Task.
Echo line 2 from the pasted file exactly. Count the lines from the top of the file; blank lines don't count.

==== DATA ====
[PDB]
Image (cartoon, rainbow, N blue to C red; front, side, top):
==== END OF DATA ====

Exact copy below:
Image (cartoon, rainbow, N blue to C red; front, side, top):